26. Define vitamin.
27. List the classification of vitamins.
28. List fat-soluble vitamins and name the rich sources of each.
29. Describe the biochemical functions and state the daily requirements of fat-soluble vitamins.
30. Name the common clinical conditions caused by deficiency and excess states of fatsoluble vitamins / water-soluble vitamins.
31. List water-soluble vitamins and name the rich sources of each.
32. Describe the biochemical functions and state the daily requirements of watersoluble vitamins.
33. Name the vitamins that are involved in energy production reaction.
34. Describe the role of vitamins in energy production reaction.
35. Describe the coenzyme functions of vitamin B complex.
36. List anti-anemic nutrients.
37. Describe the role of nutrients in prevention of anaemia.
38. Name the anti-oxidant nutrients.
39. Describe the role of nutrients in anti-oxidant action.
40. State the biochemical role of minerals.
41. Define and list the macronutrients / micronutrients.
42. State the total amount, major distribution and biochemical functions of calcium in the body. State the normal blood calcium level.
43. List the common sources of calcium. State the daily requirement of calcium.
44. State the factors that influence the calcium absorption from intestine.
45. List the common sources of iron. State the daily requirements of iron in children, men, women in reproductive age, pregnant and lactating women, and postmenopausal women.
46. State the total amount, the distribution in the body and the different forms of iron.
47. State the normal plasma iron level.
48. Describe the biochemical functions and metabolism of iron.
49. State the factors influencing iron absorption in intestine.
50. Describe the mechanism of the regulation of iron absorption.
51. State the clinical conditions that occur in deficiency or excess state of iron.
52. List the common sources of iodine. 51.  State the role of iodine in the body.
53. Name the major clinical conditions of iodine deficiency or excess.
54. List the common sources of zinc.
55. Describe the roles of zinc in the body.
56. Name the common conditions of zinc deficiency.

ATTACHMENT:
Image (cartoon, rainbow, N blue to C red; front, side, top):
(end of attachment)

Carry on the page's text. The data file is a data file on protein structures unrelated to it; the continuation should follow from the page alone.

57. Define ‘balanced diet’. List the components of a balanced diet.
58. State three food group plan.
59. State the principles in planning of a balanced diet.
60. State the principle of body mass index (BMI) (definition, calculation, normal range).
61. Perform the anthropometric measurement of a person.
62. Calculate and interpret the data of BMI, body fat percent and waist:hip ratio of the given subject.
63. Accept the ethics in patient-doctor relationship or subject-researcher relationship by showing the habit of taking informed consent, gentle handling to subjects when experiments are being done.
64. State the normal blood levels of sodium, chloride and potassium.
65. State the sources and biochemical functions of other macrominerals.
66. State the sources, daily requirements, functions and deficiency / excess states of iodine, fluorine, zinc and other trace elements.
67. State the distribution, sources, daily requirement and functions of water in the body.
Level 2
1. Define malnutrition.
2. List the common conditions which can give rise to malnutrition.
3. Explain the role of balanced diet in healthy life style.
4. Define anti-vitamins.
5. State the biochemical mechanisms of anti-vitamins.
6. State the methods for assessing the nutritional status of a community.
Level 3
1. List the nutrients that are required for brain development.
2. Describe the role of nutrients in brain development.
3. List the nutrients that are required for bone formation.
4. Describe the role of nutrients in bone formation.
5. Define GM food.
6. State the nutritional aspect of GM food.
7. Discuss the role of GM food in health.
Digestion and AbsorptionContent
1. Digestion and absorption of carbohydrate and its clinical importance
2. Digestion and absorption of protein and its clinical importance
3. Digestion and absorption of lipid and its clinical importance
4. Digestion and absorption of nucleoprotein
5. Absorption of water and minerals
6. Absorption of vitamins
7. Absorption in large intestine
Objectives
Level 1
1. Define digestion and absorption.
2. List the organs of gastrointestinal tract with their major functions in digestion and absorption.
3. List the sources and different types of dietary carbohydrate.
4. Describe the digestion of carbohydrate in gastrointestinal tract.
5. List the end products of carbohydrate digestion.
6. Describe the absorption of the end products of carbohydrate digestion.
7. List the sources and different types of dietary proteins.
8. Describe the digestion of protein in gastrointestinal tract.
9. Name the proteolytic enzymes present in gastric, pancreatic and intestinal secretions.
10. Outline the activation of zymogens of digestive system.
11. List the end products of protein digestion.
12. Describe the absorption of the end products of protein digestion.
13. List the sources and different types of dietary lipids.
14. Describe the digestion of lipids in the gastrointestinal tract.
15. List the end products of lipid digestion.
16. Describe the absorption of the end products of lipid digestion.
17. Describe the absorption of vitamins, minerals and water in GI tract.
18. Explain the importance of bile salts in fat digestion and absorption.
19. State the biomedical importance of absorption in large intestine.
20. State the principle and perform the determination of gastric acidity.